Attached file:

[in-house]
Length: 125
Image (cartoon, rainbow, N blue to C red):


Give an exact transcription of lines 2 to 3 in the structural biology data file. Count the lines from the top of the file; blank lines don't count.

Length: 125
Image (cartoon, rainbow, N blue to C red):